How can we be sure that Jesus Christ did not mean believers to be pacifists? Jesus was forthright about the conflict that he brought to this earth. See, for example, Luke 12:51-53: “Do you suppose that I came to give peace on earth? I tell you, not at all, but rather division. For from now on five in one house will be divided: three against two, and two against three. Father will be divided against son and son against father, mother against daughter and daughter against mother, mother-in-law against her daughter-in-law and daughter-in-law against her mother-in-law.” Nor was Jesus ignorant of the realpolitik of warfare between realms, as we can see from his politically pointed statements in Luke 14:31-32: “Or what king, going to make war against another king, does not sit down first and consider whether he is able with ten thousand to meet him who comes against him with twenty thousand? Or else, while the other is still a great way off, he sends a delegation and asks conditions of peace.”
There is no question in the Bible that Jesus Christ viewed himself as a king, and saw fighting as a necessary part of kingship. Let us witness his comments to Pilate in John 18:36-37: “Jesus answered, “My kingdom is not of this world. If My kingdom were of this world, My servants would fight, so that I should not be delivered to the Jews; but now My kingdom is not from here.” Pilate therefore said to Him, “Are You a king then?” Jesus answered, “You say rightly that I am a king. For this cause I was born, and for this cause I have come into the world, that I should bear witness to the truth. Everyone who is of the truth hears My voice.”” And lest we not take this aspect of fighting for His kingdom seriously, we can always read Revelation 19:11-16: “Now I saw heaven opened, and behold, a white horse. And He who sat on him was called Faithful and True, and in righteousness He judges and makes war. His eyes were like a flame of fire, and on His head were many crowns. He had a name written that no one knew except Himself. He clothed with a robe dipped in blood, and His name is called The Word of God. And the armies in heaven, clothed in fine linen, white and clean, followed Him on white horses. Now out of His mouth goes a sharp sword, that with it He should strike the nations. And He Himself will rule them with a rod of iron. He Himself treads the winepress of the fierceness and wrath of Almighty God. And He has on His robe and on His thigh a name written: KING OF KINGS AND LORD OF LORDS.”
There are other places one could go, but this gives at least a sense of the picture. Christians are called to be peacemakers, but are not called to be pacifists. 2 Corinthians 10:3-6 gives the picture of spiritual warfare that believers are called to: “For though we walk in the flesh, we do not war according to the flesh. For the weapons of our warfare are not carnal but mighty in God for pulling down strongholds, casting down arguments and every high thing that exalts itself against the knowledge of God, bringing every thought into captivity to the obedience of Christ, and being ready to punish all disobedience when your obedience is fulfilled.” Indeed, the New Testament as a whole shows a firm commitment to expressing both the spiritual requirement upon believers to, so far as depends on us, live at peace with all. Yet there is at the same time a recognition that hostility to falsehood and a firm commitment to truth will bring conflict and division into this world, and that the establishment of God’s kingdom or the defense of what is true and right will by necessity involve conflict. There is, in the New Testament, no expectation that believers will establish Christianity, at least genuine biblical Christianity, over entire nations or civilizations, but the continuity between the Hebrew scriptures and the New Testament as a whole means that believers could benefit from the entirety of the biblical corpus on statecraft and warfare in the management of civil affairs, laws that have seldom been read, much less applied, in the behavior of those states which have called themselves Christian. Those laws, however, are a subject for another time .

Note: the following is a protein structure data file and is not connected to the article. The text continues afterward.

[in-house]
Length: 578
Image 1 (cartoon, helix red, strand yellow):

A discussion of some of these laws can be found in the following places: